Twilight of the Idols with the Antichrist and Ecce Homo

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Wordsworth Editions, 2007 - Philosophy - 260 pages
Translated by Antony M. Ludovici. With an Introduction by Ray Furness The three works in this collection, all dating from Nietzsche's last lucid months, show him at his most stimulating and controversial: the portentous utterances of the prophet (together with the ill-defined figure of the Ubermensch) are forsaken, as wit, exuberance and dazzling insights predominate, forcing the reader to face unpalatable insights and to rethink every commonly accepted truth. Thinking with Nietzsche, in Jaspers' words, means holding one's own against him, and we are indeed refreshed and challenged by the vortex of his thoughts, by concepts which test and probe. In 'The Twilight of the Idols', 'The Antichrist', and 'Ecce Homo' Nietzsche writes at breakneck speed of his provenance, his adversaries and his hopes for mankind; the books are largely epigrammatic and aphoristic, allowing this poet-philosopher to bewilder and fascinate us with their strangeness and their daring. He who fights with monsters, Nietzsche once told us, should look to it that he himself does not become one, and when you gaze long into an abyss the abyss also gazes into you. Reader, beware. AUTHOR: When the German philosopher Friedrich Wilhelm Nietzsche (1844 - 1900) lapsed into insanity in 1889, he had little conception of the fame and controversy his works would come to attract. Initially influential on writers such as George Bernard Shaw and Thomas Mann, his ideas would be misappropriated by the Nazis in the 1930s to support their policies on anti-Semitism, nationalism and warfare. It would be some years, and with the benefit of better translations, before his works would become more properly evaluated.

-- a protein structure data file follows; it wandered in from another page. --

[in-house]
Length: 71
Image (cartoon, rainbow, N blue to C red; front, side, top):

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User Review  - madepercy - LibraryThing

The first interesting thing I discovered about Nietzsche is something I suspected when I read Beyond Good and Evil: Nietzsche "learnt much from La Rochefoucauld" (p. viii). And to start off with first ... Read full review

Contents

How the true world ultimately became a fable
22
The improvers of mankind
37
owe to the ancients
83
The Antichrist
97
Preface
167
am so clever
186
write such excellent books
204
am a fatality
253
Copyright

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About the author (2007)

The son of a Lutheran pastor, Friedrich Wilhelm Nietzsche was born in 1844 in Roecken, Prussia, and studied classical philology at the Universities of Bonn and Leipzig. While at Leipzig he read the works of Schopenhauer, which greatly impressed him. He also became a disciple of the composer Richard Wagner. At the very early age of 25, Nietzsche was appointed professor at the University of Basel in Switzerland. In 1870, during the Franco-Prussian War, Nietzsche served in the medical corps of the Prussian army. While treating soldiers he contracted diphtheria and dysentery; he was never physically healthy afterward. Nietzsche's first book, The Birth of Tragedy Out of the Spirit of Music (1872), was a radical reinterpretation of Greek art and culture from a Schopenhaurian and Wagnerian standpoint. By 1874 Nietzsche had to retire from his university post for reasons of health. He was diagnosed at this time with a serious nervous disorder. He lived the next 15 years on his small university pension, dividing his time between Italy and Switzerland and writing constantly. He is best known for the works he produced after 1880, especially The Gay Science (1882), Thus Spake Zarathustra (1883-85), Beyond Good and Evil (1886), On the Genealogy of Morals (1887), The Antichrist (1888), and Twilight of the Idols (1888). In January 1889, Nietzsche suffered a sudden mental collapse; he lived the last 10 years of his life in a condition of insanity. After his death, his sister published many of his papers under the title The Will to Power. Nietzsche was a radical questioner who often wrote polemically with deliberate obscurity, intending to perplex, shock, and offend his readers. He attacked the entire metaphysical tradition in Western philosophy, especially Christianity and Christian morality, which he thought had reached its final and most decadent form in modern scientific humanism, with its ideals of liberalism and democracy. It has become increasingly clear that his writings are among the deepest and most prescient sources we have for acquiring a philosophical understanding of the roots of 20th-century culture.

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